Supply and demand: How some US airlines fly over a landscape of corporate profit warnings


By Marc Sellouk, Founder and CEO of Flewber

If you’re anything like me, you’ll know exactly what I mean when I say it’s funny how some random things stick in your mind while others don’t. Just as some people remember numbers and others remember names. These little pieces of information are usually low on the priority scale, but for some reason they stick in your head. One of those little tidbits for me happened in September, when I read that FedEx issued a profit warning that spooked the market and investors.

Since that day in September and in the context of a lukewarm global market, several other companies have followed suit and issued their own earnings warnings for the 4th quarter and some until 2023. Several other companies, i.e. that is, with the exception of three major commercial airlines whose forecasts appear to predict resilience in demand, which will drive continued revenue growth through 2023. As CEO of an airline technology company , this piqued my interest, as I feel I have a pretty firm finger on the pulse of the airline industry, and the numbers just didn’t seem to add up.

As Covid fears and the number of serious illnesses began to diminish, it only made sense for the general public to have a YOLO (You Only Live Once) moment, for those of you who aren’t parents of teenagers ). But when you look at the numbers themselves, it was head-scratching. How on earth, with inflation at 8.3% and fuel prices up 18.2%, can three major airlines predict continued growth through 2023? Then came the “aha” moment or, as I would compare it, the feeling you get when you catch the dealer’s sleight of hand in a three-card rising game. Whether intentionally or not, these commercial airlines have set up a perfect supply and demand scenario for themselves.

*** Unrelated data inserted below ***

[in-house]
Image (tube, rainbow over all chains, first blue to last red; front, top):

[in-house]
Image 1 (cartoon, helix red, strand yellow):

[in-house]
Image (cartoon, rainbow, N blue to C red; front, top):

Think about it, at the height of the pandemic, headlines were everywhere telling us how many cities airlines were canceling service on mostly regional routes across the country. And even as Covid fears began to fade, even more roads and towns continued to be closed. There is your shortage of supply. Now enter a mainstream audience that has been in various states of confinement for the better part of two years and as such longs to see family and friends again and there is your request. Airlines have created a kind of perfect market; a thriving market for themselves with general inflation at 8.3%, fuel prices up 18.2% and load factors down. A supply chain problem they created themselves has allowed them to raise airfares by 42.9% year over year and it barely makes the evening news.

But there’s a reason greed is one of the seven deadly sins and it’s what I like to call the backfire, or as some might refer to it – karma. Now, I’m not suggesting that this was part of a collusive scheme, concocted by airline executives, that took place in the middle of the night in an abandoned hangar. But I suggest that those noxious winds in which they fly at the expense of their passengers’ wallets might come back to harm them. But unfortunately, if the past is prologue, the boomerang effect for commercial airlines usually means that layoffs and furloughs will begin right after the distribution of company bonuses.

The views and opinions expressed herein are the views and opinions of the author and do not necessarily reflect those of Nasdaq, Inc.


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